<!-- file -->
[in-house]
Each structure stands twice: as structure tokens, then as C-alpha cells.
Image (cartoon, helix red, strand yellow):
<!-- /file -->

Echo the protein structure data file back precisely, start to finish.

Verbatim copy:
[in-house]
Each structure stands twice: as structure tokens, then as C-alpha cells.
Image (cartoon, helix red, strand yellow):